AS an activist with the identity of being born into a Dalit family and as one who fights for the rights of marginalised communities, Dr. B.R. Ambedkar’s works have moulded me and set me on the path of defending not just my rights but also the rights of those around me who are struggling to survive in an increasingly volatile and hostile environment.
Minority groups, discriminated against because of their identities – Dalits, Adivasis, Muslims, LGBTQ, etc. today find their safe spaces shrinking, their voices unheard, their right to life, free speech and livelihood threatened. The safety that Dr Ambedkar’s Constitution guaranteed to them is increasingly under threat, because the very idea of India that he captured in that document is under challenge.
An incident, with which I have been connected since September 2012 – the killing of three innocent Dalit youth by the Gujarat Police in Thangadh town without following the protocol for crowd control – comes to mind. The policemen of Thangadh Police Station lead by sub inspector (PSI) K.P. Jadeja shot one Dalit youth on September 22, 2012 at a fair. The following day, when the Dalits of Thangadh town gathered to question the authorities, four policemen led by PS I Jadeja fired without provocation into the crowd and killed two youth, aged 15 and 16 years, on the spot. The post mortem report mentioned the use of AK-47 machine guns. Till today none of the four policemen have been punished nor any legal action taken against them. The main accused is also related to the present Home Minister, Pradipsinh Jadeja. Navsarjan Trust, the organisation which has been helping these families to fight for justice and to which I belonged, has been targeted by the State Government and labelled “anti-national” by the Central Government.
The other gory attack that needs repeating is the one on four innocent Dalit youth from the leather tanning community in a small village in Una town in Gujarat. The four boys were stripped, paraded, tied down and beaten with iron rods by men from upper caste cow vigilante group for carrying the carcass of a cow. Members of the predominantly Dalit leather tanning community are sought out to remove and clean carcasses of domesticated animals – a task that no other caste will do.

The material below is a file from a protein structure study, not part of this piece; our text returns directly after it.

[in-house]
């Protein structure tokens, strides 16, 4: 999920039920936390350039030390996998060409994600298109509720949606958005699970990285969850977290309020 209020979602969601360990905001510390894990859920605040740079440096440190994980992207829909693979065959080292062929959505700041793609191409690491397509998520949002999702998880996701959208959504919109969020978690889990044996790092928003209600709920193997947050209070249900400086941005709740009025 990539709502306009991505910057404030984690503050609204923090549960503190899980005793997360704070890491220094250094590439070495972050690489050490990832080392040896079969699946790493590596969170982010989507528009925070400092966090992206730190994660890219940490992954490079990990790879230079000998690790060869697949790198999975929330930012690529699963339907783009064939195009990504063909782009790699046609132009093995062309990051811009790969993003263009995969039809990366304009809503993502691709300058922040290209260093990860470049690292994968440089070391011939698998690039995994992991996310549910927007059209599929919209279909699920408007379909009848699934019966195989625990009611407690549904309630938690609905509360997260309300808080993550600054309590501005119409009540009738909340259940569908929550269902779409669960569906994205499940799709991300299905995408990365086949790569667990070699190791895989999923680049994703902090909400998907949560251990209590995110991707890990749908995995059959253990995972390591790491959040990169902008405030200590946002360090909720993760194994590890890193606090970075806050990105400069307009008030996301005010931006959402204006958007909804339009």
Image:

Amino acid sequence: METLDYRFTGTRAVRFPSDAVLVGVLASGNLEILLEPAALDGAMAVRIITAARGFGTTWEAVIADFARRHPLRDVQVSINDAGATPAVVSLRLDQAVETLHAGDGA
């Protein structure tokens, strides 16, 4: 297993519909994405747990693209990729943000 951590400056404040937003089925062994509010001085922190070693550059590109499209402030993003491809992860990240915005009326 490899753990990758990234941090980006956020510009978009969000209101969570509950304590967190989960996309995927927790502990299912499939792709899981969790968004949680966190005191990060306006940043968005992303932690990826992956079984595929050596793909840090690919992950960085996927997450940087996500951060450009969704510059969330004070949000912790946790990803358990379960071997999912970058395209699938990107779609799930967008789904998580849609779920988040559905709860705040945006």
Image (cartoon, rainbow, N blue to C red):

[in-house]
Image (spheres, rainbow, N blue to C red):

We as a nation are at a critical juncture in our polity where if we do not stand up for our rights and question state impunity we will lose our image as a nation that cherishes secular values, and practices the principles of equality, liberty, fraternity and justice as enshrined in the Indian Constitution. The dream of “Annihilation of Caste” envisioned by our great leader Babasaheb Ambedkar will remain only on the paper.
The incident was filmed and circulated widely. What happened to them on that fateful day in July 2016 shook the entire nation. It brought home the disturbing truth that nothing had changed since the time Dr Ambedkar had spoken about the need to annihilate caste. Where have these cow vigilante groups appeared from? Where do they derive their power from? How do they act with such impunity against Dalits and Muslims, in particular?
When I met the affected Una youth at the Rajkot Civil Hospital, I could see the pain and trauma in their eyes. Mota Samadhiyala village, where they come from, had no street lights, no proper roads and a majority of the houses had no sanitation facilities. During our investigations into this incident, we found that the Gujarat police had not registered a First Information Report under the amended Scheduled Caste and Scheduled Tribe (Prevention of Atrocities) Act, 2015. The FIR did not mention the attack on Kuverben, the mother of the complainant Vashrambhai. Two and a half years on and the Public Prosecutor appointed in this case has not been provided adequate facilities and support to handle the case. The affected Dalit families have been sitting on protest at Una’s Sub-Divisional Magistrate’s office for almost a month demanding land as a source of rehabilitation, which was promised to them by the former Chief Minister of Gujarat, Anandiben Patel.
Muslims and Tribals are the other marginalised communities who find themselves increasingly cornered. A majority of the Muslims in Gujarat in the urban areas, live in ghettos. In many areas across the State of Gujarat and in particular Ahmedabad, Muslims cannot buy a house in a locality dominated by Hindus.
Tribals in Gujarat too live in a world of apathy and neglect. The indifference of the government was evident when the state failed to file an affidavit years after the Navsarjan Trust filed a public interest petition against the Government of Gujarat seeking water from the Narmada canal waters for the tribal dominated Chhota Udepur district bordering Madhya Pradesh. The State government has not filed any affidavit until now. Chhota Udepur district is one of the most underdeveloped districts in the State.
Dr. B.R. Ambedkar dreamt of a just, equitable and casteless society – a society where the marginalised and the minorities would have an equal voice in the running of our democracy.
We as a nation are at a critical juncture in our polity where if we do not stand up for our rights and question state impunity we will lose our image as a nation that cherishes secular values, and practices the principles of equality, liberty, fraternity and justice as enshrined in the Indian Constitution. The dream of “Annihilation of Caste” envisioned by our great leader Babasaheb Ambedkar will remain only on the paper. The best tribute that we can pay to Baba Saheb on his birth anniversary is to unite against the communal, casteist and fascist forces.